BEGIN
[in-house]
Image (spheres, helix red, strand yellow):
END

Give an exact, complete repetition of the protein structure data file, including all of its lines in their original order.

[in-house]
Image (spheres, helix red, strand yellow):